Price: $35.00

WALL HANGING "ZARDEVOR" (ATTHSC-176) - Kattakurgan, Uzbekistan. Circa mid-20th century

121” x 25” (including 3" netting and tassels) Silk hand- embroidery on black cotton sateen Handmade silk netting and tassels Intricate machine-embroidered black cotton border Unlined Good used condition – 5” of fringe missing from left edge Illustrated in SILK and COTTON, pages 202-203 This piece, called a “zardevor” or a “dorpech”, was made to hang just below the ceiling of an important room and served as a sort of frieze along one or more walls. Often it was embroidered with words of good wishes or auspicious motifs. This piece has one old pearl button sewn in the center as an amulet to ward off evil spirits.

Price: $100.00

VINTAGE JAPANESE HAND-PAINTED SILK YUZEN FRAGMENT (VFNBBB-139)

Japan, mid-20th century or older 15” x 13.5” selvedge to selvedge Hand-Painted on silk “chirimen” (textured silk crepe) Very good condition – no damage This fabric (called “yuzen”) was hand-painted with textile dyes by means of a complicated process. It would have been used for a woman’s kimono. It depicts two phoenixes in flight among paulownia flowers.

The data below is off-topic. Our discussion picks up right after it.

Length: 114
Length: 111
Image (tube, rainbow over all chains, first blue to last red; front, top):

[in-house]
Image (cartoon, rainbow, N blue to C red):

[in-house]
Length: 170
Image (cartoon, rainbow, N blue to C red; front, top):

Price: $25.00

VINTAGE JAPANESE HAND-PAINTED SILK YUZEN FRAGMENT (VFNB-136)

Japan, mid-20th century or older 15” long x 14.5” (selvedge to selvedge) Hand-Painted on silk “chirimen” (textured silk crepe) Very good condition – no damage This fabric (called “yuzen”) was hand-painted with textile dyes by means of a complicated process. It would have been used for a woman’s kimono. The scene depicts the interior of a traditional Japanese house.

Price: $50.00

VINTAGE JAPANESE HAND-PAINTED SILK YUZEN (VFNBBB-140)

Japan, mid-20th century or older 19” x 14” selvedge to selvedge Hand-Painted on silk “chirimen” (textured silk crepe) Good condition except for small hole near top right corner; torn area on top left edge; tiny stitching holes where seam threads were removed This fabric (called “yuzen”) was hand-painted with textile dyes by means of a complicated process. It was originally part of a woman’s kimono.